Fact Sheet: Corporations Pursue Legal Immunity by Attacking State Attorneys General

Tuesday, January 6, 2015


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State Attorneys General (AGs) are charged with enforcing both state and federal law.

  • AGs act on behalf of citizens in many areas including consumer protection, financial fraud, utility regulation, and environmental protection.
  • Instances of widespread corporate law-breaking can often cost taxpayers millions of dollars; AG lawsuits not only cause lawbreakers to disgorge ill-gotten gains, but also allow states to recover substantial money.
  • Without state AG involvement in large consumer actions, an important check on the behavior of some of our most powerful industries would be severely weakened.
  • Twenty-two federal laws provide for concurrent federal and state public enforcement authority; state cases have generated no conflict with federal enforcement.[1]

State AGs are regularly attacked by big corporations for doing their job.

  • Enormous corporate trade associations like the U.S. Chamber of Commerce and the American Legislative Exchange Counsel are pushing state and federal legislation to block state AG actions against law-breakers.
  • These bills would, in various ways, prevent AGs from enforcing laws to protect their citizens, including bringing civil lawsuits or hiring outside counsel to assist them.
  • TheU.S. Chamber of Commerce has called for “federal intervention” to prevent AGs from enforcing laws.[2]  It has also financed vicious campaigns through local front groups to oust state AGs who have aggressively tried to protect state consumers.[3]

Underfunded and understaffed state AGs sometimes hire outside counsel on a contingency basis; this costs taxpayers nothing, helps level the playing field and is critical to consumer protection.

  • Contingency fee arrangements make it possible for underfunded and understaffed AG offices to bring important public interest lawsuits that are too large, complex, and expensive for an AG’s office to bring on its own.
  • Private counsel working on a contingency receive no fee up front.  If the case is lost, they are paid nothing.
  • If successful, settlements and fees are paid for by the wrongdoers, not the taxpayer, shifting the costs back to the company that broke the law.
  • States that hire contingency fee firms can get better results for their taxpayers.[4]  Expertise and time are required in state settlements and an attorney’s reputation and ability can greatly influence the speed and amount of a settlement.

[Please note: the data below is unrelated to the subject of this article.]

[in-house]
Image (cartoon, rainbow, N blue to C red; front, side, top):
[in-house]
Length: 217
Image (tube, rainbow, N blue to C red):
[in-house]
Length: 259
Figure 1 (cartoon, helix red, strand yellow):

• But for Minnesota’s AG case against Big Tobacco, which was brought only with the assistance of well-funded outside counsel, the industry would never have been forced to release 30 million pages of internal documents, which created a seismic shift in public opinion against cigarette companies.[5]


Significant efforts are underway to undermine state AG’s ability to retain outside counsel.

  • At the federal level, the U.S. Chamber has called on Congress to forbid state AGs from “retaining contingency-fee counsel.”[6]
  • At the state level, corporations are pushing bills to undermine a state AG’s ability to retain outside counsel.
    • The American Legislative Exchange Council’s bill is called the “Private Attorney Retention Sunshine Act” (PARSA).  Other corporate groups are pushing the “Transparency in Private Attorney Contracting” (TIPAC),
    • Groups supporting these bills have worked to limit AG consumer protection authority and oust pro-consumer AGs; these bills would accomplish the same general goals:
      • PARSA requires, after meeting a monetary threshold, that a state seeking outside counsel engage in a competitive bidding process, forcing AGs to contract with the lowest bidder, not the most qualified attorney.
      • In some cases, a state contingency fee contract must undergo a lengthy review by the state legislature; this places the AG at a significant disadvantage by giving the corporate wrongdoer advance notice of the lawsuit and allowing them time to hide or destroy documents.
      • Both PARSA and TIPAC require contingency fee attorneys to keep extensive time records and create the overhead and expense that such record-keeping entails, wasting time and money.
      • Both PARSA and TIPAC, cap contingency fees (again, paid by the wrongdoer not the state).  Research shows this will make it harder for states to find competent counsel particularly in costly and complex cases.  At the same time, corporate wrongdoers are free to spend an unlimited amount of resources on their attorneys.

For more information, see CJ&D’s more extensive “backgrounder,” http://centerjd.org/content/backgrounder-corporations-pursue-legal-immunity-attacking-state-attorneys-general; the January 31, 2012, consumer group letter to Congress, http://centerjd.org/system/files/CoalitionLtrStateAGsF.pdf; andCJ&D’s earlier study, State Attorneys General: The People's Champion, http://centerjd.org/content/white-paper-state-attorneys-general-peoples-champion and fact sheet http://centerjd.org/content/fact-sheet-examples-important-cases-brought-state-attorneys-general.


[1]Amy Widman & Prentiss Cox, State Attorneys General’s Use of Concurrent Public Enforcement Authority in Federal Consumer Protection Laws, 33 CARDOZO L.REV. 53 (2011); http://judiciary.house.gov/_files/hearings/Hearings%202012/Widman%200202...


[5] David Phelps and Deborah Caulfield Rybak, “Prelude to War: Origins of the Minnesota Tobacco Trial,” Star Tribune, November 21, 1998.

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